The reason for such a lenient standard is not difficult to discern. “[F]requent judicial disapproval of the awards of labor arbitrators would tend to undermine a system of private ordering that is of the highest importance to the well-being of employer and worker alike.” Newark Morning Ledger, 797 F.2d at 165.
With these considerations in mind, we turn to the district court's decision to vacate the arbitration award in this case. Although the district court recognized that it had limited authority to review in this case, the court nevertheless found that the arbitrator's award did not draw its essence from the CBA here because the arbitrator “read[ ] into” the CBA terms that were not there-specifically, provisions dealing with retraining, progressive discipline, setting criteria for retraining, and defining who is entitled to retraining. This conclusion, however, was inaccurate.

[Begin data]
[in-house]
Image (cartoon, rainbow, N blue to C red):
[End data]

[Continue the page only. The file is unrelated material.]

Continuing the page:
Contrary to the district court's reasoning, the arbitrator did not impermissibly “read into” the parties' agreement terms that were not there. Rather, the arbitrator simply interpreted the ambiguous term “proper cause” in a manner unsatisfactory to management. The CBA allows Suburban to discipline or discharge for “proper cause” (art. I, § 5), but does not define the phrase. When the grievance was submitted to arbitration, the arbitrator was forced to decide what “proper cause” meant (or “just cause” according to the language of the questions submitted to arbitration, supra p. 379). We cannot say that the arbitrator was engrafting provisions onto the CBA when he evidently decided that he must decide whether it was fitting (a synonym for “proper”) and fair or equitable (two synonyms of “just,” the term used in the actual submission to the arbitrator) for Suburban to have discharged a long-term employee for the accident in question. In making this determination, the arbitrator wrote that although it was clear that Nagy had been negligent, what was not clear was the “validity of the punishment” imposed by Suburban. He noted that although Nagy had been involved in many accidents, some were minor and occurred shortly after he was hired, and he had also received three annual safety awards. The arbitrator also explained that Nagy had never been offered any retraining despite Suburban's recent decision to implement such a program. This surprised and concerned the arbitrator because Nagy was a “veteran employee who has given loyal service to his company for some twelve years.” Taking all of this into account, the arbitrator apparently determined that Suburban had proper cause to punish Nagy in some manner, but not to discharge him. Thus, the arbitrator concluded that Nagy was properly punished through the suspension he had served, “it being understood that [Nagy] shall cooperate with management in undergoing a retraining program.”